Book Review: A Dictionary of Mutual Understanding

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Thank you to Viking / Penguin Books for sending this absolutely wonderful debut novel! I needed tissues at the end of this beautiful book. I’ll say that right up front to let you know this is a very emotional read that packs plenty of power and beauty inside its pages.

 “In the tradition of Memoirs of a Geisha and The Piano Teacher, a heart-wrenching debut novel of family, forgiveness, and the exquisite pain of love.”

And while I have not read The Piano Teacher, I have read Memoirs of a Geisha. And can agree that there are parts in here that give the feel of Memoirs and that only made it just that extra bit special. There is so much in here, the writing is beautiful, it’s exquisite really, and the layers, the emotions, the journey. The power and the emotions, inside – it really is an exquisite debut.

I did not write down all the beautifully written sentences contained inside, I’m sure  if I did, I would have been transcribing the whole novel, but this sentence I did write down to share: 

“We had so few hours left to glue dead leaves to an infected family tree.”

(at the 87% mark of the book) (This is Amaterasu thinking this in the present time when she is with Hideo.)

And this one as well: “Together we put you in the path of pikadon.” about Yuko, and said by Sato and Yuko’s mother keeping them apart.

 I know it is hard to truly feel the impact of those two brief sentences, put down here, but I can tell you that when I read them in the context of the story, the power of them washed right over me and I was left in a moment of awe. There are many moments in this book where you pause, re-read and think on the feeling, beauty and emotion of what you’ve just read.

Amaterasu is now living in the US, her husband has recently passed away and she continues to live with the shame and guilt of leaving behind Nagasaki. They fled Nagasaki following the bombing (called Pikadon), wishing to leave behind the pain and sorrow of losing their only daughter, Yuko and her son, Hideo.  On the day of the bombing, Amaterasu had just dropped her beloved grandson off at school and was to meet her daughter at the cathedral to discuss some serious and grave concerns. These concerns are not revealed to the reader, only that Amaterasu is deeply saddened by it and is something that has driven her and her daughter apart. But, before she heads down to the cathedral, she returns briefly home first. Their family home is higher above the valley and in those short moments, the entire world changes for Amaterasu. The bomb has decimated the cathedral and the school where Hideo attends is on fire and is reduced to rubble. There is very little hope that Hideo has survived, and almost no hope ever that Yuko has survived.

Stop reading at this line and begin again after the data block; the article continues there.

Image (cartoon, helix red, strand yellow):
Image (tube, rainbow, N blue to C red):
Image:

Here, Copleton’s descriptions of the aftermath of the Nagasaki bombing are breathtaking. Honestly taking your breath away –  reading of the sounds, the smells, the sights, such as the skin falling off, melting away, peeling away from the bodies of those running, desperate to find safety. Incredible.

Unable to live with the guilt of surviving this horror without their daughter and grandson, the Takahashi’s move to America – a place as far away from Japan as they can imagine. Amaterasu brings with her Yuko’s journals and drawings and puts them far into hiding at the back of her closet. She has never read them, cannot bring herself to read her daughter’s thoughts. It is not until one day, almost 40 years following the bombing, that a horribly disfigured man appears on her doorstep claiming to be her grandson Hideo, does she reach deep into the depths of the closet to bring her daughters journals forward.

Hideo also brings with him as a way of showing proof of his identity, a box of letters that contain so many of the secrets Ama was determined to leave hidden behind in Japan. Here, the story will move back and forward in time, to reveal the life Ama had before she married, to the reason why she was so determined to drive her daughter apart from a man Ama refused to believe she should love. The letters will also reveal the reason why she asked that her daughter meet her in the cathedral on that terrible and ill-fated day.

There are so many layers to peel back here, from Ama’s past life, to her daughter’s journals, to the letters written by Sato, a man that Ama despises with such force, she cannot ever believe her beautiful daughter Yuko and Sato could ever share true love. Hideo continues to visit Ama as she continues to turn herself over to the past. He continues to hold out hope that Ama will trust him and know that he is truly her grandson. Ama struggles with this for she is still struggling with the guilt of the past and for surviving in Nagasaki.

In the end, Ama returns with Hideo to Nagasaki. “I had needed those four decades to find the strength to revisit the ghosts and the places where they hid.” (89% mark of the book) The ending requires many tissues. It is not so much the reveal of the past, that isn’t the part that is difficult to piece together, but instead it is the absolute beauty of this journey towards forgiveness and peace that will profoundly move you.

“This impressively layered first novel never strains credulity as it explores grief and guilt amid revelations of long-buried familial secrets, destructive love affairs, and more.” New York Times

 The New York Times is championing A Dictionary of Mutual Understanding, and so is this Literary Hoarder. 4.5 stars for this stunning debut.

This was one of the books planned to be read for our book club for the month of January, and we may have to revisit this, because they have published a fantastic book club kit, complete with recipes to use! You can find that Book Club Kit here. It also features a Spotify playlist, Japanese recipes and discussion points.

 Literary Hoarders Penny